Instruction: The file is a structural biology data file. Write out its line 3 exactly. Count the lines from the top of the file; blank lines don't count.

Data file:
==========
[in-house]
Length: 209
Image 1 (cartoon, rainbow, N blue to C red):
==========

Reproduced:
Image 1 (cartoon, rainbow, N blue to C red):